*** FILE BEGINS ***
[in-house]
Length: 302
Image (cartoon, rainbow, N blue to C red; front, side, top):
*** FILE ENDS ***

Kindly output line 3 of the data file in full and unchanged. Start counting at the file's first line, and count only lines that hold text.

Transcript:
Image (cartoon, rainbow, N blue to C red; front, side, top):